When Microsoft speaks of "security" in connection with Palladium, they 
do not mean what we normally mean by that word: protecting your machine 
from things you do not want. They mean protecting your copies of data on 
your machine from access by you in ways others do not want. A slide in 
the presentation listed several types of secrets Palladium could be used 
to keep, including "third party secrets" and "user secrets" -- but it 
put "user secrets" in quotation marks, recognizing that this is not what 
Palladium is really designed for.

The presentation made frequent use of other terms that we frequently 
associate with the context of security, such as "attack," "malicious 
code," "spoofing," as well as "trusted." None of them means what it 
normally means. "Attack" doesn't mean someone trying to hurt you, it 
means you trying to copy music. "Malicious code" means code installed by 
you to do what someone else doesn't want your machine to do. "Spoofing" 
doesn't mean someone fooling you, it means you fooling Palladium. And so on.

3. A previous statement by the Palladium developers stated the basic 
premise that whoever developed or collected information should have 
total control of how you use it. This would represent a revolutionary 
overturn of past ideas of ethics and of the legal system, and create an 
unprecedented system of control. The specific problems of these systems 
are no accident; they result from the basic goal. It is the goal we must 

Copyright 2002 Richard Stallman
Verbatim copying and distribution of this entire article is permitted 
without royalty in any medium provided this notice is preserved.

Allen, Michael B (RSCH) wrote:
> Well educated but apparently still irresponsible. Here's a question
> from this so called "FAQ":
>   18. Ugh. What else?
>   TCPA will undermine the General Public License (GPL), under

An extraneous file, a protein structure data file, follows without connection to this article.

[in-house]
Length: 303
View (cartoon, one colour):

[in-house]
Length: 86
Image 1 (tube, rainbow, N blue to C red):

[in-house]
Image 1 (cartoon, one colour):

>   which many free and ...
> Looks like a opinionated rant disguised to be an fact based unbiased
> informational document. That's just irresponsible.
> Mike
>>-----Original Message-----
>>From:	iriXx [SMTP:dev_null@iriXx.org]
>>Sent:	Wednesday, March 19, 2003 7:12 PM
>>To:	linux-thinkpad@linux-thinkpad.org
>>Subject:	Re: [ltp] TCPA on Thinkpads
>>i would think as the UK's leading cryptologist, Cambridge professor Ross 
>>Anderson is already pretty well educated...
>>Allen, Michael B (RSCH) wrote:
>>>That page should be renamed tcpa-fud.html. Hardware supported key management
>>>is a natrual progression in computing and one that I welcome. Do not confuse
>>>TCPA (Trusted Computing Platform Alliance) with CBDTPA (Consumer Broadband
>>>and Digital Television Promotion Act). They are conceptually two completely
>>>different things. Get educated. Don't run with the herd.
>>>>-----Original Message-----
>>>>From:	iriXx [SMTP:dev_null@iriXx.org]
>>>>Sent:	Wednesday, March 19, 2003 5:07 PM
>>>>To:	linux-thinkpad@linux-thinkpad.org
>>>>Subject:	Re: [ltp] TCPA on Thinkpads
>>>>Greg Herlein wrote:
>>>>>>This chip is not intended to "spy" on you. 
>>>>Ross Anderson says different:
>>>>i think what is of concern is not what tcpa is being used for currently 
>>>>but what it *might* be used for.
>>>>im writing a book on the subject (see www.copyleftmedia.org.uk) and have 
>>>>been reading about it for the last year. the further i get into this the 
>>>>more worrying it becomes.
>>>>http://ukcdr.org has some good info too....
>>>> _
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>>>>The linux-thinkpad mailing list home page is at: